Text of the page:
What you need to know:
- Asked whether the government could be trusted to conduct such a probe and if it wouldn't be better to push for an international investigation, Zeid said Kampala should be given the chance to show its goodwill.
- But "if it seems to be a sham investigation or something that is not credible, then yes, the next call will be for something along those lines."
The UN human rights chief voiced alarm Wednesday at the unrest rocking Uganda over the arrests and alleged torture of several parliamentarians, including a former pop star.
Zeid Ra'ad Al Hussein called on Kampala to ensure there is an independent investigation of the violence, including allegations of extrajudicial killings, excessive use of force by police and torture.
Singer-turned-politician Robert Kyagulanyi, better known as Bobi Wine, was released on bail on Monday after two weeks in detention but is due back in court on Thursday.
He and 33 others, including two fellow MPs, are facing treason charges in a case that has triggered international outcry.
They were arrested in mid-August after stones were thrown at President Yoweri Museveni's convoy, breaking a car window as he visited the town of Arua on the eve of a parliamentary by-election.
Zeid, whose term as UN High Commissioner for Human Rights ends on Friday, told reporters he had "deep concerns about reports regarding events that have unfolded since August 13" in Uganda.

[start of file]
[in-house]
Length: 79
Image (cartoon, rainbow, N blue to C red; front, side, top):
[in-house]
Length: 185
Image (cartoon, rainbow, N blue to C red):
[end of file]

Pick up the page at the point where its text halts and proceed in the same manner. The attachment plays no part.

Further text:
That day, Kyagulanyi's driver was shot dead while waiting in a parked car while the former singer and three other MPs, a former parliamentarian and an MP-elect were arrested, he said, citing information provided to his office.
Twenty-eight others were also detained, including two women and two journalists, he said, adding that those held were facing charges ranging from treason to incitement to violence and the illegal possession of firearms.
Reports of torture
"I am particularly concerned about allegations that law enforcement agents have tortured and ill-treated some of the detained," he said.
In court appearances, Kyagulanyi has appeared subdued and was either hobbling or using crutches. His lawyers and family claim he has been beaten and tortured while in detention, allegations denied by authorities.
Zeid also pointed to a report from the Ugandan human rights commission that Kyagulanyi in detention showed signs of being in pain, with a swollen face, requiring support to walk and barely able to speak.
He also said another parliamentarian had been taken to hospital "in critical condition after allegedly being tortured."
"We have also received accounts of killings, ill-treatments and arrests of persons by law enforcement agents during protests," he said, urging the government to conduct "a thorough, independent and impartial investigation" and to bring those responsible to justice.
Asked whether the government could be trusted to conduct such a probe and if it wouldn't be better to push for an international investigation, Zeid said Kampala should be given the chance to show its goodwill.
But "if it seems to be a sham investigation or something that is not credible, then yes, the next call will be for something along those lines."